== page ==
The average value of a company on AIM has gone in the opposite direction from £57.6 million in 2007 to nearly £104 million – even after the decline in share prices over the past three years. In 2007, 14% of AIM market capitalisation was accounted for by companies worth more than £500 million and this has risen to 43.3%. Although more than 50% of the companies are still worth less than £50 million.

AIM over 5 years chart

Source: TradingView. Past performance is not a guide to future performance.

What’s behind the recent cancellations?

The decline in numbers of companies on AIM has been going on for many years and, while the reasons tend to be the same, there can be a change in the importance of different reasons. Looking at last year’s cancellations, 30 out of 73 – that does not include reverse takeovers – were due to companies being taken over.

That shows that there is value to be found on AIM if bidders are willing to take a long-term view. In fact, many of the acquirers are foreign companies.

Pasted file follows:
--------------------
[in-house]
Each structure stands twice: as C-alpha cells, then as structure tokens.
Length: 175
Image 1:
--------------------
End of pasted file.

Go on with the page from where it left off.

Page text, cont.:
This has carried on into this year, with nine out of the 17 leavers being taken over. Recently announced bids include one for self-storage sites operator Lok'n Store Group (LSE:LOK) from larger European rival Shurgard. The companies taken over tend to be ones with good, profitable track records, so AIM is losing some of its better performers.

The second-largest grouping is those companies choosing to leave. There were 17 last year and, while there have been two in the first quarter of 2024, there are more coming along. It takes around one month to announce a decision, gain shareholder approval and set a leaving date.